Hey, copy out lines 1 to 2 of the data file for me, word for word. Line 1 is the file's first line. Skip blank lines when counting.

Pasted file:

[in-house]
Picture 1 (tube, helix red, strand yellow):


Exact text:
[in-house]
Picture 1 (tube, helix red, strand yellow):